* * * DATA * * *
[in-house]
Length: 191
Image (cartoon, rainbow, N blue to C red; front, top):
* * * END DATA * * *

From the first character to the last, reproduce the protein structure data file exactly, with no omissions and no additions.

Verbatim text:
[in-house]
Length: 191
Image (cartoon, rainbow, N blue to C red; front, top):